Inglewood, a city that has fought crime with some success in past years, will have 20 additional police officers on the streets by summer.
And until revenue from a new tax assessment district becomes available at year's end, drug dealers will help foot the bill for those new officers under a funding scheme worked out last week by city officials.
The additional officers will come aboard during a period when statistics show that the city has experienced a decrease in violent crimes and an increase in property crimes.
Although Inglewood voters overwhelmingly approved the property tax assessment to fund a $1.4-million, 20-officer task force against gangs and drugs last November, the assessment will not go into effect until the new fiscal year begins July 1, and revenue will not be collected until the end of the year.
The assessment will cost the owner of a single-family home about $45 a year. Apartment buildings will be assessed on a sliding scale beginning at $53 a unit. Commercial properties will be assessed on the basis of frontage.
Borrow From Fund
The City Council on Feb. 7 approved the financing scheme for the immediate hiring of new patrol officers, who will replace veteran officers being assigned to the task force. The city will soon borrow about $649,000 from its water fund to pay for salaries, hiring and equipment.
That loan will be repaid with funds the city is owed by the federal government for property and assets seized by Inglewood police during drug busts, officials said. More than $683,000 is expected this year in such reimbursements, thanks to a new federal law that allows money and assets seized from drug dealers to be turned over to police departments for anti-drug operations.
"This is a great idea, making the drug dealers pay for it," said Councilman Anthony Scardenzan, a longtime proponent of more police officers. "I love it."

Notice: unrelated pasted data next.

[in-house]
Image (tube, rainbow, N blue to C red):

The 20 new officers will increase the 187-officer department by more than 10%.
The new police will include trained officers transferring from other departments and local residents being sought in a recruitment drive in Inglewood, officials said. Ten will be hired in March, three each in April and May, and four in June.
Because some of the newly hired officers will have to be trained at police academies and in the field, the anti-drug task force of veteran officers will probably not reach full strength until August, said Deputy Chief Robert Gavney.
Street Crime Targeted
The plainclothes "crime suppression" task force, as it has been named, will consist of 17 officers, two sergeants and a lieutenant. It will fight street-level drug and gang activity throughout the city.
City and police officials are enthusiastic about the beefed-up police presence. Capt. James Butts said the unit will provide a vigorous new show of force in areas where gang members congregate and intimidate residents. The task force will work with the department's gang intelligence unit in targeting gang members with undercover operations, he said.
"We're going to do all it takes to fight the perception of crime levels as well as crime itself," Butts said. "When we have all the officers hired and in place, there should be a greater perception of safety."
Although gangs and drugs are still a problem, crime has declined since the beginning of the decade, when Inglewood earned a bad reputation.
"The key thing is that we have this downward trend through the decade," said police crime analyst Michael Easley. "The overall trend is down."
Statistics released by the Police Department last week show slight decreases in violent crimes against people--murder, rape, robbery and aggravated assault--in 1988. Burglary declined as well, but property crimes--grand larceny, auto theft, arson and petty larceny--increased.
Although total crimes rose from 7,753 in 1987 to 7,966 in 1988, violent crimes decreased by 3% last year to 1,833, the lowest number in the decade, police said.
At the worst of Inglewood's high-crime era, in 1981, police reported 10,933 total crimes and 2,266 violent crimes. Murders peaked that year at 55, compared to a recent annual average of about 29.
Robbery declined last year from 973 to 965, aggravated assault from 797 to 746 and burglary from 1,908 to 1,722, police said.
Easley said an assertive police presence is more likely to affect those types of crimes than murder or rape, which are harder to prevent.
Murders in Inglewood decreased from 32 in 1987 to 30 last year; rapes decreased from 100 to 92.
Property crimes overall increased about 5% last year, from 5,851 to 6,133, police said. Grand larcenies rose from 821 to 881, auto thefts from 1,795 to 1,846, incidents of arson from 93 to 133 and petty larcenies from 1,234 to 1,551.
Easley said the new task force should reduce violent and property crimes by cracking down on drug-dealing street gangs. But he cautioned against expecting an automatic decrease in crime statistics, saying more police activity may lead to more crimes being reported.